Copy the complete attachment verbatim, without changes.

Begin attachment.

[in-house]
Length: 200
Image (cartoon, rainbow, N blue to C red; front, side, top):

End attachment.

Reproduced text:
[in-house]
Length: 200
Image (cartoon, rainbow, N blue to C red; front, side, top):